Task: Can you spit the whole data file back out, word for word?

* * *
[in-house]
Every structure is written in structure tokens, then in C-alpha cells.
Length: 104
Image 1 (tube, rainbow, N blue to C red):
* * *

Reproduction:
[in-house]
Every structure is written in structure tokens, then in C-alpha cells.
Length: 104
Image 1 (tube, rainbow, N blue to C red):